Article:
Talk about a Career Author–Kate White is the absolute definition.  Editor-in-chief at Cosmopolitan Magazine. Non-fiction author. Internationally acclaimed  lecturer and teacher. New York Times Bestselling thriller and suspense writer. And a terrific cook with a wonderful family. How does she do it? She works all the time. But still has fun and glorious adventure. When you meet her, ask her how she and her husband just managed to catch the last plane out of Uruguay.

But today–she tackles our Career Authors 11.

1. What book changed your life?

Many books have had a huge, powerful effect on me, books like A Wrinkle in Time by Madeleine L’Engle, Catcher in the Rye by J.D. Salinger, The Dead by James Joyce, Wuthering Heights by Emily Bronte, This Side of Paradise, The Great Gatsby, and Tender Is the Night by F. Scott Fitzgerald, The Wide Sargasso Sea by Jean Rhys, The Sense of an Ending by Julian Barnes, and in popular modern fiction almost everything by Sue Miller.
But if I had to pick a book that actually changed my life, I guess I’d have to say The Secret of Redgate Farm by Carolyn Keene. Up until the time I discovered it at about age eleven in my grandmother’s bookcase, I’d read mostly biographies of famous Americans that weren’t particularly well written. Redgate Farm totally enthralled me. It showed me that reading the right kind of book could be a magical experience and it was going to be essential to seek out those kinds of books. And even more life-changing, it made me vow to write mysteries one day. I think Nancy Drew had that effect on many women!

2. Was your first published book the first manuscript you ever wrote?

Yes, but I had written chapters of other books before, which ended up going nowhere. When you’re starting out as author, it can be tough to realize you sometimes have to throw out huge chunks of material–pages you spent months working on–but you just have to tell yourself that it’s part of the process, and all those seemingly fruitless hours helped you hone your skills. Sometimes you can even go back and use little pieces of discarded material in a new book you’re writing. Bailey Weggins, the true crime writer in my mystery series, was a character in a women’s novel I made a stab at writing in my 20s. I liked her so much I resurrected her when I started writing suspense fiction.

3. Stephen King says, “The hardest part is just before you start.” What’s the hardest part of writing for you?

That’s not true for me. I love starting. It’s thrilling and exciting for me as long as I’ve done some prep work in advance and have a sense of where I’m headed. The hardest part for me is editing when I’ve saved way too much to go over rather than doing a little editing at a time. It can seem so overwhelming and frustrating for me. Not all that long ago, I heard the terrific thriller author C.J. Box speak on a panel and he said he always starts his workday by editing what he wrote the day before, and I’ve found that strategy (when I stick to it) really helpful. It’s so much easier for me to edit four or five pages a day rather a bunch of chapters all at once. I just read an interview with Harlan Coben and he follows this exact strategy, too. Wish I’d discovered it earlier!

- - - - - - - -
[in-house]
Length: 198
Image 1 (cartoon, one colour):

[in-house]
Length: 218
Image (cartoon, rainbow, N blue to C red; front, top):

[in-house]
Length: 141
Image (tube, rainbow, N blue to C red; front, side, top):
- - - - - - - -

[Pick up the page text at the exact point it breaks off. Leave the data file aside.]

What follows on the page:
4. Do you know the story’s ending before you start?

Yes, I always know the ending. I know who the killer is, the motive for the crime, and even some of the ways I’m going to try to disguise the killer. I know there are plenty of really successful authors who don’t plot their books out in advance. As you may have heard, they’re called pantsers (because they go by the seat of their pants). Besides the fact that I just wouldn’t want to be called a pantser in life (haha!), I have to be sure of where I’m going. Plus, knowing the outcome allows me to better weave in both clues and red herrings. In the Kirkus review for my new book, HAVE YOU SEEN ME? the reviewer said that I managed to use “some of our expectations [about domestic thrillers] to create clever dead ends,” and that meant so much to me because that’s what I’m always hoping to do. But I don’t think I could do it as well if I didn’t plot out my novels. That said, I plot loosely, so I still end up coming up with certain details and plot twists as I write, and that’s part of the fun of it. (Did I say fun? Yes, sometimes writing can be fun.)

5. When you’re having a difficult writing day, what do you tell yourself to get through it?

When I’m having a tough day and I’m a bit blocked, what I do is ask myself a bunch of questions, such as “How would the character know that?” or “What does she feel like doing next?” Years ago I met a woman named Laura Day who wrote a book called Practical Intuition, and she said that when we’re looking for creative input, it helps to put a request out to the universe in the form of a question, and wow, though I’m not very new age-y, that has been a beneficial technique for me. I even keep a notebook where I write questions down, and it’s amazing. Three second after writing the question, I’ll be writing the answer, like automatic writing or spirit writing. But it’s really only the subconscious answering back.